Refinement of weed risk assessments for biofuels using Camelina sativa as a model species.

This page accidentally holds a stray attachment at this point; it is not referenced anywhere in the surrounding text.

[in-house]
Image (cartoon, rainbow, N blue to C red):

Biofuel production has the potential of reducing CO2 emissions while decreasing global dependence on fossil fuels. However, concerns have been raised on the invasiveness of biofuel feedstocks. Estimating invasion potential remains a challenge because of inconsistencies and inherent limitations of using first-tier qualitative weed risk assessment (WRA) protocols singularly. We evaluated the usefulness of second-tier quantitative WRA methods using a recently introduced oilseed crop, Camelina sativa, as a model species. First, we subjected C. sativa to the qualitative Australian WRA and found that it should not be allowed entry. We then used demographic models fit with field-estimated parameters as a second-tier approach to quantitatively evaluate its invasion potential. Data on disturbance (two herbicides, mechanical, none) and seeding season (autumn, spring) relative to C. sativa demography were obtained over 2 years in two rangeland ecosystems in Montana, USA. Population growth (λ) was forecast by developing population dynamics models using field data. Emergence rates were greatest when C. sativa was spring-seeded; all survivors to maturity occurred only in mechanically disturbed plots. Population growth rate never exceeded 0.03, and the maximum time to extinction was 6years. Perturbation analyses indicated that consistent propagule pressure and biologically improbable rates of seed survival are necessary to sustain C. sativa populations, indicating that the risk of invasion by this species in the studied ecosystems is low. Synthesis and applications. Although more site-years of demographic data would strengthen our conclusions about the invasion potential of C. sativa, we contend that the methods developed provide a useful contribution to WRA. If applied to proposed plant biofuel species, our second-tier quantitative refinements will elucidate important population dynamics often overlooked by qualitative WRAs and, in turn, may reduce the frequency of invasions or rejection of potentially useful species.